Biden's Afghan conundrum
The Biden administration is not exactly spoilt for choices on the war in Afghanistan
The Biden administration is not exactly spoilt for choices on the war in Afghanistan. In fact, Biden has little choice and whatever he or his administration might do in Afghanistan, there is little chance of violence abating in the country. Whatever Biden does will be carefully watched back home and his critics won't keep quiet on the wrong moves. The previous Trump administration had signed an agreement with the Taliban in Doha.
The agreement was enforced by Donald Trump just ahead of the elections in a bid to convince his constituency of his Afghan success. Trump had promised that he would withdraw the American forces from abroad and also would withdraw from engagement with foreign countries "entered in haste by his predecessors'. The US administration is expected to withdraw its forces from Afghanistan by May 1, 2021. Of course, the US insisted on peace as a precondition for the same.
The accord also obliged the insurgents to launch peace talks with the Afghan government and end Taliban attacks on US forces. While the Taliban began talks with the Afghan government last September, six months later than stipulated in the Doha deal, they've made little progress. Taliban violence against non-US targets has increased over the last year.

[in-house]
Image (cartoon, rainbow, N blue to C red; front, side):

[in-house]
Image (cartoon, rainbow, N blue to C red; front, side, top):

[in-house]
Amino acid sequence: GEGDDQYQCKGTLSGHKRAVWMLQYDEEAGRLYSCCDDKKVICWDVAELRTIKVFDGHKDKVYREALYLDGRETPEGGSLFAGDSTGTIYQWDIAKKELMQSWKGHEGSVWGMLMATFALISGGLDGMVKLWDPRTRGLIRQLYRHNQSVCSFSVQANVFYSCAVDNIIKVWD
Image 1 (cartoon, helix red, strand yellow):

Meanwhile, reports from the U.S. government and the United Nations contend that the group still cooperates with al Qaeda—which may not violate the deal but certainly raises questions about its willingness to curb al Qaeda attacks. The Biden administration knows that the Taliban could exploit the situation on the ground if its troops withdraw from the Afghan soil.
If the US does not stick to the deadline, it would be accused of dishonouring its commitment. Alternatively, Biden could negotiate with the Taliban to seek an extension of the withdrawal date. He could definitely buy some time here. Going by the indications thus far, there is little to suggest that the withdrawal is on cards by May 1 as agreed upon. Experts dealing with Afghanistan, however, are not sure that the Taliban would agree to this. The very motto of the Afghan Taliban is to remove the foreign forces from its soil. So any effort to bargain time might further complicate the issue with the Taliban demanding several major concessions including lifting of sanctions against it.
The US should recognise the fact that Afghanistan is not its problem alone and hence no solution could be unilateral. China, Iran and Russia play a key role here. Then there is Pakistan which used the Taliban in the game. The Taliban may not need Pakistan and may not like its interference at all, but the latter does need the Taliban to checkmate an inimical Afghan dispensation and India.
The role of India is limited here and it cannot advance the peace process in Afghanistan on its own. India does not want any increase in the bargain power of Pakistan or Taliban that would be to the advantage of Pakistan. Biden should be wary of all the possibilities and also of the futility of an overstay in Afghanistan as he has been opposing the same since long.